Trigger input - accepts signals from sequencers, MPC's trigger box, or any other +5 volt pulse; Accent Input and Adjust pot; Output, and Master Output which controls the output of all modules connected to the Master unit. Dual DSM's also have a power socket, taking the Master, or the separately-available DSM power supply as their source. Both Accent and Power sockets are chainable, with their functions controlled from a single (Master) DSM. Connection is via jack sockets except for Power/Accent, both of which are derived from the same 5-pin Din connector.

As might be guessed from the specs these units are capable of producing the usual electronic percussion textures, from effects to quite passable snare and tom voices. No modulation, though, so no metal clangs, and overall, the sounds, remain a little 'tuned' and electronic for my taste.

Serial: 1350. Missing power supply. Sold As-Is."


Ampeg AR-1 Rhythm Ace



Roland CR-5000 Compurhythm SN 111782



Farfisa Rhythm 10 SN 3085 / 199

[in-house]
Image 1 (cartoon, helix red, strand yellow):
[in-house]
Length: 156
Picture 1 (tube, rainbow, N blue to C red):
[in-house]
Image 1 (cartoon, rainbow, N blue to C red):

"Farfisa Drummer Model 10, this is from the same company that made the organs. This seems to be overall clean shape, all the buttons work. It runs on 6 medium sized batteries and the footswitch is for momentary stop – when you release the button the drums continue. It has an attached guitar cord that goes from unit to amp.

Also a 1/4″ jack in the back with control. I am not sure if this is additional input for an instrument or not. It has separate buttons for individual drum effects as well as tempo and volume control. It has several pre-set rhythms. This was very modern when it came out in the late 70’s early 80’s.

Serial: 3085/199. Non functioning. Sold As-Is."


MPC Electronics DSM-1 SN 923